A dozen public concerts, worship services and other programs throughout the month are expected to attract thousands who are drawn to the music, and the history behind each instrument -- the first time the violins will be shared with the public in North and South America.

Weinstein hopes he can bring the violins to other communities, in a bid to recall the 6 million Jews and 5 million others who perished at Hitler's hand.

Faith is Certain and Endless

Sunrise over New York City. Image via Wiki Commons (http://bit.ly/HRlswn).

Sunrise over New York City. Image via Wiki Commons (http://bit.ly/HRlswn).

I know that the sun will rise tomorrow.

With all of the scientific facts and astronomical data we are blessed with today, I can expect to wake up tomorrow and see rays of light shining through my window.

There is also no debating time. Our clocks, both digital and internal, continue to tick onward no matter the circumstances. These are inexorable certainties in life. However, these proven facts of our existence are limited. They are not the whole story.

There are things in life we neither can physically see nor explain, and yet we choose to believe anyway.

When our little siblings place their fallen teeth underneath their pillows, hoping to see a winged fairy deliver gifts in return, they are relying entirely on an unproven belief. When students choose universities to attend, they do not know what the outcomes of their decisions will be, nor can they predetermine their futures after school. But they continue to grow and experiment with life anyway.

Even the wisest of theologians and clergy have very few answers to the questions pertaining to God’s existence that enter our minds on a daily basis. All of these situations represent something many of us hold onto so dearly: Faith.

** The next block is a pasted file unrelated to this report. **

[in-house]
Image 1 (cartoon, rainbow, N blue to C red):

The Problem with Daniel Pearl's Mormon Baptism

Illustration of Daniel Pearl at a London memorial service. Via Getty Images.

Illustration of Daniel Pearl at a London memorial service. Via Getty Images.

A simmering interreligious controversy resurfaced recently with the news that the Church of Jesus Christ of Latter-day Saints had posthumously ``baptized'' a number of deceased Jews, including Daniel Pearl, Anne Frank, the parents of Nazi hunter Simon Wiesenthal, and evidently an unknown number of others.

The case of Mr. Pearl is particularly revealing, and holds important questions for Americans' ongoing experiment in religious pluralism.

Pearl, while on assignment for The Wall Street Journal, was beheaded in 2002 by a radical Pakistani group connected to al-Qaida. Moments before his death, he declared: ``My father is Jewish, my mother is Jewish, I am Jewish. My family follows Judaism.''

Is Purim the Jewish Halloween? Some Jews Say No.

Purim carnival in Jerusalem. Unidentified people watch the show. (Ekaterina Lin

Purim carnival in Jerusalem. Unidentified people watch the show. (Ekaterina Lin / Shutterstock.com)

WASHINGTON — Debby Levitt's four children are dressing up big time for Purim, one of the more raucous of Jewish holidays, which begins on Wednesday (March 7) this year.

Commemorating Queen Esther's brave and successful efforts to save the Jews of Persia from extermination, Purim calls on Jews to rejoice in costume and to give goodies to neighbors and friends.

Girls often dress up as the beautiful queen, and boys as her valiant cousin Mordecai, who refused to bow down to the evil Haman, who aimed to extinguish all vestiges of Judaism from the kingdom.

The goody baskets — mishloach manot, in Hebrew, or the "sending of portions" — are meant to contradict Haman, who asserts in the biblical book of Esther that Jews were a people riven by strife.

Costumes? Goodies? Sounds like Halloween. But for the Levitts, it's nothing like Halloween.

Company Touts 'Medical Tourism" in Israel for Sick Pilgrims

Tourists pray at the Wailing Wall in Jerusalem. Via Wylio http://bit.ly/wsudSt.

Pilgrims and tourists pray at the Wailing Wall in Jerusalem. Via Wylio http://bit.ly/wsudSt.

JERUSALEM — Every year, thousands of Americans travel abroad for less-expensive fertility treatments, hip replacements and other medical procedures. Now, an Israel-based tourism company is offering a package that combines medical care with a pilgrimage to the Holy Land. 

IsraMedica plans to unveil the initiative Thursday (Feb. 16) at the National Religious Broadcasters convention in Nashville, Tenn.  

Eli Knoller, the company's vice president of operations, said IsraMedica already brings about 6,000 nonmedical tourists to Israel every year, the majority of them Christian pilgrims.

Pages

Subscribe